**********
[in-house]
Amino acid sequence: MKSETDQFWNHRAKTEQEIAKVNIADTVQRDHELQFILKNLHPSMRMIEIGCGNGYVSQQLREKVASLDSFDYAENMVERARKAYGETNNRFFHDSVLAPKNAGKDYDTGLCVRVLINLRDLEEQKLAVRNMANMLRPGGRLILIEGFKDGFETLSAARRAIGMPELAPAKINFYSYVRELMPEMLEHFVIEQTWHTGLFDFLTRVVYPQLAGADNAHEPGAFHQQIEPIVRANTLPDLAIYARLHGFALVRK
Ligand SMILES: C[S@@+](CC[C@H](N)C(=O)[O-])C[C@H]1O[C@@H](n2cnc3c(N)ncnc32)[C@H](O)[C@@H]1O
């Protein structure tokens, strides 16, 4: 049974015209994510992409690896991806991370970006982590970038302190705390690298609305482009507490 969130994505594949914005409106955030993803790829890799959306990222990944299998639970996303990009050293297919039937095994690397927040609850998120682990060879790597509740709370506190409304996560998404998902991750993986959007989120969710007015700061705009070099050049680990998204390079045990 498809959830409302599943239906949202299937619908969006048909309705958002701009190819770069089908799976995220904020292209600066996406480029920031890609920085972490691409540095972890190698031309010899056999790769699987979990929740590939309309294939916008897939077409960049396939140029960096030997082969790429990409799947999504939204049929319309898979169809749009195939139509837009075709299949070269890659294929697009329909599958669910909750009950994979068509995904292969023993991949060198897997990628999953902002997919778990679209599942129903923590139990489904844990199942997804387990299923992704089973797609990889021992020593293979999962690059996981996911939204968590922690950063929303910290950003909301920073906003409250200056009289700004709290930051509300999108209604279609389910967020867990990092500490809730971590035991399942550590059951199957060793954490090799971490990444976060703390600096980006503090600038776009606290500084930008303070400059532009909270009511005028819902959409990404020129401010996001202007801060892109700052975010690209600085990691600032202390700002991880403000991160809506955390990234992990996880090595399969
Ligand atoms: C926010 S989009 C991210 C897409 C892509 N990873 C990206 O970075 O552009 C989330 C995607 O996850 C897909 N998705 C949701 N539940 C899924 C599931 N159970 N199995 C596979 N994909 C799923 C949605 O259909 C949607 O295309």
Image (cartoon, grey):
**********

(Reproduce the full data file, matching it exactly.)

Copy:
[in-house]
Amino acid sequence: MKSETDQFWNHRAKTEQEIAKVNIADTVQRDHELQFILKNLHPSMRMIEIGCGNGYVSQQLREKVASLDSFDYAENMVERARKAYGETNNRFFHDSVLAPKNAGKDYDTGLCVRVLINLRDLEEQKLAVRNMANMLRPGGRLILIEGFKDGFETLSAARRAIGMPELAPAKINFYSYVRELMPEMLEHFVIEQTWHTGLFDFLTRVVYPQLAGADNAHEPGAFHQQIEPIVRANTLPDLAIYARLHGFALVRK
Ligand SMILES: C[S@@+](CC[C@H](N)C(=O)[O-])C[C@H]1O[C@@H](n2cnc3c(N)ncnc32)[C@H](O)[C@@H]1O
């Protein structure tokens, strides 16, 4: 049974015209994510992409690896991806991370970006982590970038302190705390690298609305482009507490 969130994505594949914005409106955030993803790829890799959306990222990944299998639970996303990009050293297919039937095994690397927040609850998120682990060879790597509740709370506190409304996560998404998902991750993986959007989120969710007015700061705009070099050049680990998204390079045990 498809959830409302599943239906949202299937619908969006048909309705958002701009190819770069089908799976995220904020292209600066996406480029920031890609920085972490691409540095972890190698031309010899056999790769699987979990929740590939309309294939916008897939077409960049396939140029960096030997082969790429990409799947999504939204049929319309898979169809749009195939139509837009075709299949070269890659294929697009329909599958669910909750009950994979068509995904292969023993991949060198897997990628999953902002997919778990679209599942129903923590139990489904844990199942997804387990299923992704089973797609990889021992020593293979999962690059996981996911939204968590922690950063929303910290950003909301920073906003409250200056009289700004709290930051509300999108209604279609389910967020867990990092500490809730971590035991399942550590059951199957060793954490090799971490990444976060703390600096980006503090600038776009606290500084930008303070400059532009909270009511005028819902959409990404020129401010996001202007801060892109700052975010690209600085990691600032202390700002991880403000991160809506955390990234992990996880090595399969
Ligand atoms: C926010 S989009 C991210 C897409 C892509 N990873 C990206 O970075 O552009 C989330 C995607 O996850 C897909 N998705 C949701 N539940 C899924 C599931 N159970 N199995 C596979 N994909 C799923 C949605 O259909 C949607 O295309």
Image (cartoon, grey):